May 26, 2021 Lifestyle

The Problem with Undocumented Grandparents

Jeffrey M. Allen

First off, let me make it clear that I am not writing about an immigration issue. The problem of undocumented grandparents may not have the cache’ of an immigration expose’, but it does have significance to those of us with grandchildren. Here’s a news flash: Most grandparents lack adequate or appropriate documentation.

Grandparents often babysit their grandchildren. Grandparents frequently take their grandchildren on excursions and sometimes even prolonged trips. Doing so without adequate and appropriate documentation can prove risky to the physical health of the grandchild and the mental and emotional health of the grandparent. Accordingly, I will focus on what documentation a grandparent should have available whenever they take on the care and feeding of a grandchild, whether for an hour, a day, a week, or longer.

Few things can tug at the heartstrings of an adult more than a child suffering from injury or illness, especially when you talk about your own children or grandchildren. In the old days, a grandparent could take a grandchild to the doctor without too much concern about the appropriate paperwork. In today’s very litigious society, most providers restrict the care they provide to emergency situations and then usually only to stabilize the situation until and unless the parent or legal guardian signs off on the treatment and, of course, accepts financial responsibility for the bill.

Unless the grandparent has a court order appointing them as the child’s guardian, the hospital or other medical facility will likely not want to go further in treating the child just because grandma or grandpa says to do so, even if the grandparents accept financial responsibility for the bill. Moreover, unless the grandparents have the appropriate information, treating the child can create risks for the provider lacking a full medical history. We solve this problem by gathering information from the child’s parents and also by obtaining a medical consent and authorization form or power of attorney from the parents authorizing the grandparents to obtain medical treatment for the grandchild.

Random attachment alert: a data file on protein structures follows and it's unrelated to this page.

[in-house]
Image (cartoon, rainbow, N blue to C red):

First, let’s talk about the information you need. You should, at a minimum, have the following information in written form:

  1. The child’s full legal name.
  2. The child’s birth date.
  3. The names of the child’s parents.
  4. Home, work, and mobile telephone numbers of parents.
  5. The child’s address.
  6. Any medical conditions, including food and drug allergies, the child has.
  7. All medications the child uses.
  8. The name of the child’s regular doctor(s).
  9. Any preference for hospitals.
  10. The child’s blood type.
  11. The preferred pharmacy.
  12. Insurance information (including the name of the carrier, the policy number, group, and individual identification number (if applicable)).
  13. Vaccination information (what vaccinations and when).
  14. Date of the child’s last tetanus shot.
  15. Religious preference (if applicable).

While the grandparent may know some or all of this information, you expedite the conveyance of the information to the provider by handing them a form with all the information on it. If you have a sick or injured grandchild, you want to handle the conveyance of the information as expeditiously as possible. Additionally, as we age, we sometimes have memory lapses and do not want to risk forgetting something important in the pressure of the emergency.

In addition to the medical information, you should have a signed authorization or power of attorney from the parents authorizing you to obtain and consent to medical treatment for your grandchild. In the best of situations, the information listed above gets physically attached to the authorization or power of attorney as an exhibit and gets specifically approved by the parent as accurate by a reference to the attachment in the authorization or power of attorney. If the parents, for religious or other reasons, want to impose limits on what type of medical treatments the child receives, include them in the authorization or power of attorney.

The rules respecting authorization for medical treatment and medical choices may differ among the states. Accordingly, you should confirm whether the state you live in, the state in which you care for the child, and any state you may take the child to in your travels have the same or different requirements. You can likely avoid the need for having multiple forms by complying with the most restrictive requirements. Whether the state requires a formal power of attorney or a simply written authorization, you should at least have two independent witnesses to the parent’s signature (do not serve as a witness to a form authorizing you). Having the signature of the parent notarized offers an even better option. Under any circumstance, the form needs to contain the following information: